San Andreas, CA — Some autopsy results are in, months after locals — prospecting for gold in last fall’s dead pool levels of New Melones reservoir — discovered human remains that hinted of a suspicious death.
As reported here back in January, a forensic autopsy was ordered on the badly decomposed body recovered the previous October from the mud underneath the Parrotts Ferry bridge. In recent weeks, some of the details from the examination were being internally discussed by local law enforcement officials and dispersed to other agencies.
On Thursday Calaveras County Deputy Coroner Keith Rosa was able to share part of a biological profile that has emerged of a confirmed “Jane Doe,” almost certainly a crime victim.
New Melones ‘Jane Doe’: Not Tall, Possibly Petite
Although, off the record, it was always thought that the remains might be of a female, due to underwear remnants that were recovered with them, Rosa states that the wide sub-pubic angle in the pubic bone were among the gender determinants made in the profile.
Other findings show that the deceased woman is thought to have been between the ages of 25 and 45 and possibly ranging somewhere from 4’9″ to 5’4″ in height. Her remains, which consisted of a pelvic girdle and upper legs, were found wrapped in a covering and encircled by what appeared to be a tow-like chain with a hook at the end of it. There appeared to be normal separation of the bones, due to decomposition and no cuts or other marks telegraphing sustained injuries.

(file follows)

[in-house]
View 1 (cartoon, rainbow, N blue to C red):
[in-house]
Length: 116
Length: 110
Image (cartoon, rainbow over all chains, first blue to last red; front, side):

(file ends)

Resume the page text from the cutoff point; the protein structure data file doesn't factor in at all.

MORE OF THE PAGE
However, due to the decomposing effects of fresh water, the report stated the woman had been submerged for an indeterminate period; anywhere from 18 months to much longer. Reportedly, DNA extracted from the femur bones did not result in a DNA database hit, according to Sheriff Rick DiBasilio. He says it is not a surprising result since the database has no records for members of the public who have no previous arrests or other circumstances where they provided DNA.
A Russian Mafia Tie?
The chain, which certainly points to suspicious circumstances, is not dissimilar to the modus operandi used by members of the Russian mafia who, several years ago, dumped several bodies of victims from southern California into Melones. As reported here, back in March of 2002 the FBI recovered the fifth of five sets of remains it discovered after a search of the reservoir.
Investigators, while certainly checking into any possible connection, have also circulated information to surrounding counties. Sheriff DiBasilio notes that in the handful of known missing persons’ cases in Calaveras all are male. He adds, “What is going to happen with this [Jane Doe] person, is that [the investigators] will send out a flyer throughout the United States that says, ‘hey, we have located a potential female subject, between 4’8″ and 5’5″ potentially somewhere between this poundage, if you are missing somebody, call us’.”
For missing persons cases such as this tragic one the sheriff suggests that those whose DNA is not already on file consider taking and storing away personal samples along with those of their children. It is a simple procedure, as he explains: “You can take a typical Q-tip cotton swab…swab the inside of your cheek, put it into a ziplock bag…and put it in the freezer.” He emphasizes making sure to record the DNA stash somewhere in writing and by letting family members know.